On my first visit to Medina, I noticed an odd blend of modern buildings and traditional architecture, some of which resembled structures that can be found in Jeddah’s Al-Balad area. An attempt, it seems, is being made to transform the age-old Medina into a contemporary consumerist space. As a visitor to this changing city, I was keen to explore the surviving physical remnants of its past. More importantly, as a Saudi citizen, I wanted to interpret the city in the present and to imagine what it might look like tomorrow.
Resting on the commercial passage between the Mediterranean Sea and the Indian Ocean, the cities of Hejaz were once characterised by the cosmopolitan traditions of traders and visiting pilgrims. The architecture of the Hejaz was known for its tall colourful stone and clay buildings that lined narrow alleys, designed to direct sea winds into the coastal cities. Hejazi architecture was influenced by a variety of regional styles and disciplines, from Malayan craftsmanship to the decorative details characteristic of Ottoman tradition. Most notable were the intricate wooden balconies (rawasheen), which helped circulate the breeze through buildings and to give women privacy from outsiders, while at the same time diffusing the glaring sunlight through the shade they provided. Hejazi architecture had character, functionality and a sense of time and place. I could hardly celebrate the preservation of anything visually reminiscent of a historical period, which albeit not long ago is virtually lost.
One of the two holiest cities in Islam, Al-Medina Al-Munawwarah (The Enlightened City), was the city to which the Prophet Muhammad and his original followers migrated from Mecca, marking the Hijra (“The Migration” and the start of the Islamic calendar). Al-Masjid Al-Nabawi (The Prophet’s Mosque) served as Islam’s power base during its first century, and Medina became known as “The City of the Prophet”. The spatial character of the city began to change in the 1950s, with the renovation of The Prophet’s Mosque and the initiation of modernisation campaigns. Many of the city’s residents were forced out by the rising cost of land.
In Medina today I was expecting to see steel, cement and cranes as the city’s expansionist projects continue. But I was hoping not to witness an imposing skyline like the one that surprised me a few years ago, during my inaugural visit to Mecca. Being aware of the Wahhabi destruction of early Islamic heritage sites, such as the mausoleums in Al-Baqi’, most of my anticipation of exploring Medina was to catch what is still standing today. The mausoleums in Jannat Al-Baqi, the cemetery where the Prophet’s companions and relatives were buried, were demolished in 1925. Marked by the foundation of the Saudi kingdom, the destruction of the historical sites was vindicated by the Wahhabi interpretation that reverence paid by visitors to such sites may potentially give rise to idolatry (shirk), contesting the very virtue of monotheism (tawheed). And so, the cleansing of sites linked to the founding figures of early Islam continued, while expansion projects were carried out in order to accommodate the increasing number of pilgrims in the city.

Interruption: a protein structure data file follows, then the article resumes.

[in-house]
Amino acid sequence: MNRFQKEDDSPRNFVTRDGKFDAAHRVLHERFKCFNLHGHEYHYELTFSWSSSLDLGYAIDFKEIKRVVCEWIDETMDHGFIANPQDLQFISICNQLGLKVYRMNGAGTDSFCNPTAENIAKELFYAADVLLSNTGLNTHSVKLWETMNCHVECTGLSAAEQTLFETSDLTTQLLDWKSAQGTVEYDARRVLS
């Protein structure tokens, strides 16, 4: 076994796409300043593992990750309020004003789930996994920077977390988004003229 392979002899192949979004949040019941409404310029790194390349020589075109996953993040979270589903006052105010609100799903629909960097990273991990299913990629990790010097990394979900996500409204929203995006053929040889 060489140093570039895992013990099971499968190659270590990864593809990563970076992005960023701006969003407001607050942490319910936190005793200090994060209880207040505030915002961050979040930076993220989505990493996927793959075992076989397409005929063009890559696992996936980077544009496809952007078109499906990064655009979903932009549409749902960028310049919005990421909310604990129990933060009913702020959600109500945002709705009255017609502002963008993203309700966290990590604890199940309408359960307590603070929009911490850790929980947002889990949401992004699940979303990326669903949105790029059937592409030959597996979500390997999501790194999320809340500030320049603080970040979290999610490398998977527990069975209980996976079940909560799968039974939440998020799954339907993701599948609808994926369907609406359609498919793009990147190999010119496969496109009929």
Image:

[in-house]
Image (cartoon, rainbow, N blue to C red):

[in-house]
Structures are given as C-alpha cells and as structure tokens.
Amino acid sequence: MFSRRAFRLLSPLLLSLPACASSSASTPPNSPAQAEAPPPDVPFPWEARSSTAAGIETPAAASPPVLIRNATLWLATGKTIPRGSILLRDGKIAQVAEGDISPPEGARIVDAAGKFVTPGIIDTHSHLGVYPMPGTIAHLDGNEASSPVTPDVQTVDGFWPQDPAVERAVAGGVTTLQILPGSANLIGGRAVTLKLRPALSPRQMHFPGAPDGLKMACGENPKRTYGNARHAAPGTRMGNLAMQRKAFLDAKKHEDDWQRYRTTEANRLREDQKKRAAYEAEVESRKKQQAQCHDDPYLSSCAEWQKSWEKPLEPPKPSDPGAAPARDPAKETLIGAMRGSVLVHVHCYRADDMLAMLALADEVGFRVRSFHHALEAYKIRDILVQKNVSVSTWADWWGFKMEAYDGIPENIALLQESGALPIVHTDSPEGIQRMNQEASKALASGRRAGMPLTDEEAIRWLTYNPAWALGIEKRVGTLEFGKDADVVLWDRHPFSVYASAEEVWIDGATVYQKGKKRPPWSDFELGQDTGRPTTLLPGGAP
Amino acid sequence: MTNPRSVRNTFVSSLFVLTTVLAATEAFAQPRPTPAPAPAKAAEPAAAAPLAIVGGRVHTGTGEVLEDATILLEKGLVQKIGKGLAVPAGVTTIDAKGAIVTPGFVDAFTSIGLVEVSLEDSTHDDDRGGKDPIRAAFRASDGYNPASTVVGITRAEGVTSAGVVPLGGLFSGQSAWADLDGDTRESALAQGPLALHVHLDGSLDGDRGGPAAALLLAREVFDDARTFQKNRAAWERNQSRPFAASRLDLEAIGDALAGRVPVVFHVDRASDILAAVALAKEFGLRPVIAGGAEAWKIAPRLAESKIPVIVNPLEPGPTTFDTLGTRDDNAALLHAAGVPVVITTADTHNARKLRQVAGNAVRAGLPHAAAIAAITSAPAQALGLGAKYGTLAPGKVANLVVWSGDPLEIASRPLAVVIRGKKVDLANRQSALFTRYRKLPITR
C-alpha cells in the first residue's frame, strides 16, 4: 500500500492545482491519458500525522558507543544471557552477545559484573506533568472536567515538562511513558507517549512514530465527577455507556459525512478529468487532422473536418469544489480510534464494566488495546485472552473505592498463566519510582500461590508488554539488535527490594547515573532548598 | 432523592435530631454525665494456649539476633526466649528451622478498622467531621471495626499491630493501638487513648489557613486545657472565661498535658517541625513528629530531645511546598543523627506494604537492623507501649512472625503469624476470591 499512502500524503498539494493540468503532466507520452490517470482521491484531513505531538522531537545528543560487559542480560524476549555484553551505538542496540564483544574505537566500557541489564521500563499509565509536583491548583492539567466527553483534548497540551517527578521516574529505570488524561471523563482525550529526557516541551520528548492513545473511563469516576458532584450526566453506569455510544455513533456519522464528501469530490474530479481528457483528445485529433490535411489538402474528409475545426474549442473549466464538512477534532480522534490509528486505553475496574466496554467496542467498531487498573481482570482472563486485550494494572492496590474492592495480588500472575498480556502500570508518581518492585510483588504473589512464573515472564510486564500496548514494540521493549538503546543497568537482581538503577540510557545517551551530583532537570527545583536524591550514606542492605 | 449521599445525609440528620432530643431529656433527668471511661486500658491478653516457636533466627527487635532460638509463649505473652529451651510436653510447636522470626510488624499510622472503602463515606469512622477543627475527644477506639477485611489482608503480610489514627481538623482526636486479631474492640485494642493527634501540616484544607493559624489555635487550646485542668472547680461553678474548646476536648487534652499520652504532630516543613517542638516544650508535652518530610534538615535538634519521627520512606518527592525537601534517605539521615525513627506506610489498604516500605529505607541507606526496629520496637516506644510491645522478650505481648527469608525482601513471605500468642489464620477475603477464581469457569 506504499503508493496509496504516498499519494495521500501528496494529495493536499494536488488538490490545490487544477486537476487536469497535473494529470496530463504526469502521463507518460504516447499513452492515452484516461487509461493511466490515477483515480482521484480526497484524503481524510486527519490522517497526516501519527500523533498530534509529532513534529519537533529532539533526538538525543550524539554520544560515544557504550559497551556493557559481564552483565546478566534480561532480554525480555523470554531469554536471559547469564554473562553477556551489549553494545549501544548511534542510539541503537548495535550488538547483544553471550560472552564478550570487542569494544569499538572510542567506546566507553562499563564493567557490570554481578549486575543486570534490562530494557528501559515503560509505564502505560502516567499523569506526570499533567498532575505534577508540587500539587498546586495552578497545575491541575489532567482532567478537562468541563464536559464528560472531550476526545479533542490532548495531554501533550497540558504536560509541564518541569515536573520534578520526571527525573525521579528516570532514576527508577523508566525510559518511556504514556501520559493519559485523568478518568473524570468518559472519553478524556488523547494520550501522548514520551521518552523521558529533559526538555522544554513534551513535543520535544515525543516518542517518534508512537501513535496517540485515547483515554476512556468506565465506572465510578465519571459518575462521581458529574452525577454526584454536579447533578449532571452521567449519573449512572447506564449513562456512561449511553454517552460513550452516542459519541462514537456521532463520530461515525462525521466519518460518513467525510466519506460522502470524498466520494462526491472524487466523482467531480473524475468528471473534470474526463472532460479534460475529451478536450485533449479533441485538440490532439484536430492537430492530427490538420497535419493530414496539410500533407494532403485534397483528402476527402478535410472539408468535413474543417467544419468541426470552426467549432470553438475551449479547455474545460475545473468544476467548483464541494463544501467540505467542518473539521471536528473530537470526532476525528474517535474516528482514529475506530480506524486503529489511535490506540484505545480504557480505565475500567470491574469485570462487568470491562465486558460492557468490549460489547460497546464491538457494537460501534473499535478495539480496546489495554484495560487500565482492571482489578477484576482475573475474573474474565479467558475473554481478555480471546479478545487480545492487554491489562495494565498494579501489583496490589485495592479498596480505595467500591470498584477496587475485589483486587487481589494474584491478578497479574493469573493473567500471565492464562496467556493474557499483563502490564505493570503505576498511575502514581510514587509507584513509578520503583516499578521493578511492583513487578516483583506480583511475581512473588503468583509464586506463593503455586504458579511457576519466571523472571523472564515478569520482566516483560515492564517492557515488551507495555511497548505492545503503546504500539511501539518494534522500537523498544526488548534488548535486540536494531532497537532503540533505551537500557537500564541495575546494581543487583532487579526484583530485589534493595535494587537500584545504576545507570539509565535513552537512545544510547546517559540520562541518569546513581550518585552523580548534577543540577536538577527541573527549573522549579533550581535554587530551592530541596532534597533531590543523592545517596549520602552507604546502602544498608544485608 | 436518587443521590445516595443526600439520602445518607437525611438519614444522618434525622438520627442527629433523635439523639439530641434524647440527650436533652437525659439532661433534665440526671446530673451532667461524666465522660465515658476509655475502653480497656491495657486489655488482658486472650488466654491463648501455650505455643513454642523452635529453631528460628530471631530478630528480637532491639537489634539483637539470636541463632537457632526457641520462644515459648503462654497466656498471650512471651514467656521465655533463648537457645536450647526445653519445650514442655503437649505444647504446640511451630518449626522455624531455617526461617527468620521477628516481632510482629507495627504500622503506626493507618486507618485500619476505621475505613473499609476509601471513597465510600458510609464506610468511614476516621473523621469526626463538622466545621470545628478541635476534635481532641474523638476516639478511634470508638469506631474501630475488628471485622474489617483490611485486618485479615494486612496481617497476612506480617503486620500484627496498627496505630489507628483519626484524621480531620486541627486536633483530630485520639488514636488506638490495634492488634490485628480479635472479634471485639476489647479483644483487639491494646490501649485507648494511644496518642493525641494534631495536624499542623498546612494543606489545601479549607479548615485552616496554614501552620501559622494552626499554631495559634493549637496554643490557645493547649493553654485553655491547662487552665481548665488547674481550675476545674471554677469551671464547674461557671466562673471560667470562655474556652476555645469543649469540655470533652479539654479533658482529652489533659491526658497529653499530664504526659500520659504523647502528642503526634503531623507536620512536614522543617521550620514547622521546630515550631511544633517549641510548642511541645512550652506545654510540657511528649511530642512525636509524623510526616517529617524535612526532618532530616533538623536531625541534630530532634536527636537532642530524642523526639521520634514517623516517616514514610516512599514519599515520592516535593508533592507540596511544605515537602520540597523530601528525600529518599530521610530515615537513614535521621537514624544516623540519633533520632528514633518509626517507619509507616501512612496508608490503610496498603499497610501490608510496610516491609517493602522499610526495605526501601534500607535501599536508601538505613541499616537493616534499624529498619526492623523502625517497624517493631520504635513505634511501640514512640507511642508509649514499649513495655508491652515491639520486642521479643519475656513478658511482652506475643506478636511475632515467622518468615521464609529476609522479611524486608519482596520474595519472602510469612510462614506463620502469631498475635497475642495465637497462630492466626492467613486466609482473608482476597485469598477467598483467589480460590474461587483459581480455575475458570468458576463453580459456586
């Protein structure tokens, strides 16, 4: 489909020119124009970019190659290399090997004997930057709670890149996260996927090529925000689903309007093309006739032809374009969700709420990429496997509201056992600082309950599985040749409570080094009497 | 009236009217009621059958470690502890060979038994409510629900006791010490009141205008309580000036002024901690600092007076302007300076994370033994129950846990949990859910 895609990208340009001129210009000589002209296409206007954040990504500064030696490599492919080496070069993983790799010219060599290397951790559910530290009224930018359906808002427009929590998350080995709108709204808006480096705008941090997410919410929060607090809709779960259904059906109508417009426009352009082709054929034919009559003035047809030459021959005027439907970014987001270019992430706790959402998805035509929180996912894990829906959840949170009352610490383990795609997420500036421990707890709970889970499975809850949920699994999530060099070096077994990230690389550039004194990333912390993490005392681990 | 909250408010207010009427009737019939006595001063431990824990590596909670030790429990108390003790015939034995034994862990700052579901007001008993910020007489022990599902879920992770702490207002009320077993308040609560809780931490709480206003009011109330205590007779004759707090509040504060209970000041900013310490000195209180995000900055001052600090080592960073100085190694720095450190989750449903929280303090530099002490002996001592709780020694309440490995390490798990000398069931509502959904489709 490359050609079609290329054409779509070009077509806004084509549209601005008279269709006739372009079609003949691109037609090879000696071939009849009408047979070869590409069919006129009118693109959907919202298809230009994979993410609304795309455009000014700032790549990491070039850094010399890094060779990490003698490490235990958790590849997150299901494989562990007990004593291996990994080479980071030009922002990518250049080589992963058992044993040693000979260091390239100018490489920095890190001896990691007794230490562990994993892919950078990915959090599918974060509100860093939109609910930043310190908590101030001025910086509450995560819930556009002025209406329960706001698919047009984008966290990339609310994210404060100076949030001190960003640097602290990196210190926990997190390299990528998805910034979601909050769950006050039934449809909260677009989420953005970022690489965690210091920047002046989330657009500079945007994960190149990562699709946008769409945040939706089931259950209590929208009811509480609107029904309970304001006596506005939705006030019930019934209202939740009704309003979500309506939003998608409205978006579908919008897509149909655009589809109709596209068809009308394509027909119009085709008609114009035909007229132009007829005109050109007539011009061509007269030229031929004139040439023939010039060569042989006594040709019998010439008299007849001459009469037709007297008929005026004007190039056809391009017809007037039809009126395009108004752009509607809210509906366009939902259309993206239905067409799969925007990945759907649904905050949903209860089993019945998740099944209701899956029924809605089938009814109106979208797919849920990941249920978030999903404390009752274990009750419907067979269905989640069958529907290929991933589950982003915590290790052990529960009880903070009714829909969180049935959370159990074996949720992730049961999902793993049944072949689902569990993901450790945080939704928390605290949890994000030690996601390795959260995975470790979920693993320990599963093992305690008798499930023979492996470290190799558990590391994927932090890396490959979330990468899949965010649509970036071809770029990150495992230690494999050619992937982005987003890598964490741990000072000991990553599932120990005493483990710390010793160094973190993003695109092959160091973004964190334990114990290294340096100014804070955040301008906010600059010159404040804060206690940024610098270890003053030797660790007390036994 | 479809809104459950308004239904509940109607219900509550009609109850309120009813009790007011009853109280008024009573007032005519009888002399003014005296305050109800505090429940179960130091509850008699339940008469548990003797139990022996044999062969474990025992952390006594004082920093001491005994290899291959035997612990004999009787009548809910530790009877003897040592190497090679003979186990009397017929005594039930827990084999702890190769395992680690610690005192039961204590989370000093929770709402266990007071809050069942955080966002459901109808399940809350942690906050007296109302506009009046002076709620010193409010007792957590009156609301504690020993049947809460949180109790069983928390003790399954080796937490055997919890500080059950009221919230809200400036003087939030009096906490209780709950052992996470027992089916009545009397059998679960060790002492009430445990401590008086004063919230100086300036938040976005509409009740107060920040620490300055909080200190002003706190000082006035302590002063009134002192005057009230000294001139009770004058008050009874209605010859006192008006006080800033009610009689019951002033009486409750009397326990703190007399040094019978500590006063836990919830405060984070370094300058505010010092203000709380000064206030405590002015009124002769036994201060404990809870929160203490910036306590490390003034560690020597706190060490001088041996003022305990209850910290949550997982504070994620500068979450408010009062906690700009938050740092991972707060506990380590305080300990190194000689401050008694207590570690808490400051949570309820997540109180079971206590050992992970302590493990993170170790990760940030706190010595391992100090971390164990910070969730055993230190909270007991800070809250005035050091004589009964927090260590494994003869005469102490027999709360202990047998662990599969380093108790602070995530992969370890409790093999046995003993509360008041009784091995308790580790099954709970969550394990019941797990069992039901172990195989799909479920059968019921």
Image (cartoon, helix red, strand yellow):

At the Uhud graveyard, people gather in front of the fence surrounding the graves of the Prophet’s uncle Hamza bin Abdul Mutalib and other martyrs, who died during the historic battle of Uhud. These tombs have been destroyed. On the fence, there are billboards with instructions by the Committee to Promote Virtue and Prevent Vice. A few men walked back and forth patrolling the fence, one of them told me to fix my hijab. There were countless vendors around, a construction site, and this fence. The Uhud graveyard, along with other historical sites, looked and felt hollow and spiritless.
As I walked around the area surrounding the Prophet’s Mosque, occasionally stopping at a few shawl and rosary kiosks, I noticed commercial buildings, luxury hotels and fast-food restaurants. I spotted a Starbucks only a few steps away from the mosque’s entrance. Before entering, I stood in wonderment, overwhelmed by the visual distractions posed by commercial brands, advertisements, Saudi national flags and people drinking Frappuccinos. Was this the “sanctuary” that Medina was said to be? I observed people and wondered how they felt about what was happening around them. They didn’t seem as lost and disoriented as I was.